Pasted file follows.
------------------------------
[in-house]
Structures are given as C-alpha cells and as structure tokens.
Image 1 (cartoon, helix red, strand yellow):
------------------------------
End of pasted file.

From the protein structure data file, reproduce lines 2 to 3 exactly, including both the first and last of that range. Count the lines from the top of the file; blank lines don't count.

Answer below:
Structures are given as C-alpha cells and as structure tokens.
Image 1 (cartoon, helix red, strand yellow):